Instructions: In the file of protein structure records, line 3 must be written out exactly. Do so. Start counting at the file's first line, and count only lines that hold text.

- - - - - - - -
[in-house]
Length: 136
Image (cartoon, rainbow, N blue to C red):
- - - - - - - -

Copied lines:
Image (cartoon, rainbow, N blue to C red):